Acronyms are great for simplifying complicated words, but when it comes to user experience they can be bit confusing. Here are brief explanations for what each of these acronyms mean – and examples of how they can improve your local government website.
CS: Content Strategy
At Vision, we’ve written a lot about this topic – what is content strategy and how to incorporate its principals into your website. In short, content strategy is about planning for the creation and governance of your website content so that it gives residents the right content, in the right amount at the right time. A good content strategy makes information easy to find, read and understand.
Good Content Strategy in Motion
For example, the City of San Marcos, California’s website makes it simple to get crucial pieces of information, like how to get a business license. Their Business License page starts with a short, clear explanation of the law, followed by quick links to all related business license applications. Business-owners can easily understand the most important points just by scanning the page and clicking on the appropriate links.
UX:User or Customer Experience
Some consider UX/CX to be an umbrella which covers numerous creative disciplines -- including Content Strategy and Design – all related to how a user -- or even better, a customer -- interacts with your product. Usability.gov, one of the industry thought leaders on this topic,says:
“User experience (UX) focuses on having a deep understanding of users, what they need, what they value, their abilities, and also their limitations. It also takes into account the business goals and objectives of the group managing the project. UX best practices promote improving the quality of the user’s interaction with and perceptions of your product and any related services.”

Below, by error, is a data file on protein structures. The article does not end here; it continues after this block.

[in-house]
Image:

Putting it into Practice
It’s clear from looking at their website homepage that the City of Abilene, Texas knows just what their residents are looking for. How do they know? There are lots of ways to discover the unique needs of your community including site analytics, surveys and usability studies. This data-driven approach is then used to build experiences that cater to the needs and wants of people using your website. If the #1 thing they want is to pay bills, why not put a big “Make a Payment” button front and center like Abilene did.
Websites should always be in the state of improvement. You should regularly review the analytics of your site, and adjust the buttons and calls to action to keep current with the needs of your organization and community.
UID: User Interface Design
So how do you implement a good user experience? You create a design based on the user data you’ve gathered. User Interface Design or UID for websites focuses on how the user sees and interacts with elements of the site. UID incorporates traditional design questions such as color, dimension, texture and size, but focuses it through the lens of the user’s needs.
Looking Good, Working Well
The City of Yankton, South Dakota demonstrates its embrace of UID with a clean, unified design that merges functionality (search bar, action buttons) with beautiful imagery and theming. These elements work together to make it easy for residents to use the site, while also showing off the beauty of the community.
The User Comes First
Starting with the needs of the user, local communities can craft content, designs and overall experiences that make residents want to engage. Each of these strategies will boost user satisfaction and encourage increased engagement.
To learn more about CS, UX and UID, take a moment to review the following resources:
- A Hands-On Guide to Content Strategy
- What is Usability and Why is It Important for Local Government?
Request a free consultation to learn more about how we apply Content Strategy, User Experience and User Interface Design to design the best government websites for our customers.